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India discovers large reserves of lithium in Rajasthan; bigger than J&K: A game changer for electric vehicle industry

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The Indian government and the Geological Survey of India (GSI) have announced the discovery of large reserves of lithium in the Degana municipality of Nagaur district in Rajasthan.

According to a report in Times of India, GSI claimed that the reserve is bigger than one discovered previously in Jammu and Kashmir. These reserves are expected to be capable of meeting 80% of India’s total demand for lithium, which currently relies on imports from China.

This discovery is a game-changer for India’s electric vehicle (EV) industry, as it reduces the country’s dependency on foreign imports and offers cost benefits.

India is dependent on foreign imports for its lithium needs, mainly from China, and between 2020 to 2021, the country imported lithium worth Rs 6,000 crore. The discovery of these lithium reserves will reduce India’s dependency on foreign imports and offer cost benefits in the long run.

Lithium is a non-ferrous metal used to make rechargeable batteries for smartphones, laptops, and electric vehicles. India is expected to have 13.92 lakh EVs on the roads by 2030, and the discovery of these reserves serves as good news because they are absolute alternatives to the ores that are being dug out of the earth currently.

The unique thing about making lithium-ion batteries for EVs is that once the lithium is extracted, it can be used indefinitely because the lithium inside the battery packs can be recycled infinitely and put into new battery packs. Rajat Verma, Founder & CEO of Lohum, a recycler of lithium-ion battery raw materials, stated that once India begins producing 10 million EVs every year and are recycling the same number of vehicles, the battery will be made from recycled material.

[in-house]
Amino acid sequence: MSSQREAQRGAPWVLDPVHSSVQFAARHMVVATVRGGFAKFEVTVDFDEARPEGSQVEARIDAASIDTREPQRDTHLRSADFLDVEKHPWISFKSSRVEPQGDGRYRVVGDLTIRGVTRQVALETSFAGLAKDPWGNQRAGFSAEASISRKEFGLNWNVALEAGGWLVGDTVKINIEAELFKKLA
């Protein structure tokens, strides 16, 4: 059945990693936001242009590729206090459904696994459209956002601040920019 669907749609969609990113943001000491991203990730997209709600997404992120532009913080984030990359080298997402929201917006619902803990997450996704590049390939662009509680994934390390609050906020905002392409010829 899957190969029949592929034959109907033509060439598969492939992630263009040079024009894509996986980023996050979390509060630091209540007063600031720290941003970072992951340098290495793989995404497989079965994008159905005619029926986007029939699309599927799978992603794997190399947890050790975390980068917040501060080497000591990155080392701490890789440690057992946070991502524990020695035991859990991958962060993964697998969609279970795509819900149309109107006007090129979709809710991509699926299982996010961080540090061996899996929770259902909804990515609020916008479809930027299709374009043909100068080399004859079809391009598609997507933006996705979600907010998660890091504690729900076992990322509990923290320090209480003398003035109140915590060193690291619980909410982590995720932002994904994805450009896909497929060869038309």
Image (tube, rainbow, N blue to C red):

It is estimated that by 2027-28, the global ecosystem will be manufacturing up to 3,000 GWH of batteries. With the discovery of these new lithium reserves, India could become a major stakeholder of the global supply chain.

The report quoted their sources saying that the reserves found in Jammu and Kashmir are much better than anywhere else, with a lithium content of 500 ppm compared to the standard 220 ppm. This means that India’s lithium mining will have a higher yield at half the effort, resulting in cost benefits in the long run.

The cost benefits of these discoveries are essential to sustain India’s current EV adoption growth rate and towards achieving the net-zero 2070 emissions goal. As the government cannot afford to offer subsidies for an infinite period, the domestic supply of lithium will allow manufacturers to maintain reasonable prices for their EVs when the subsidy schemes are removed.


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